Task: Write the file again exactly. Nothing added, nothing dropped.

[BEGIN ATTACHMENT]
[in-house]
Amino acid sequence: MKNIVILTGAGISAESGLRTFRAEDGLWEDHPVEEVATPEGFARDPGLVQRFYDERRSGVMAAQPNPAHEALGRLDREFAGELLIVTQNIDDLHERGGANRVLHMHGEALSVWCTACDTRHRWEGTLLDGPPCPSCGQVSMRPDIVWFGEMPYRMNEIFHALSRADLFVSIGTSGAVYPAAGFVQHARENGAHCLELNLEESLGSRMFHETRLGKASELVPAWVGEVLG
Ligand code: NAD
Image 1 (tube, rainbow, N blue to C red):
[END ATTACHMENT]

[in-house]
Amino acid sequence: MKNIVILTGAGISAESGLRTFRAEDGLWEDHPVEEVATPEGFARDPGLVQRFYDERRSGVMAAQPNPAHEALGRLDREFAGELLIVTQNIDDLHERGGANRVLHMHGEALSVWCTACDTRHRWEGTLLDGPPCPSCGQVSMRPDIVWFGEMPYRMNEIFHALSRADLFVSIGTSGAVYPAAGFVQHARENGAHCLELNLEESLGSRMFHETRLGKASELVPAWVGEVLG
Ligand code: NAD
Image 1 (tube, rainbow, N blue to C red):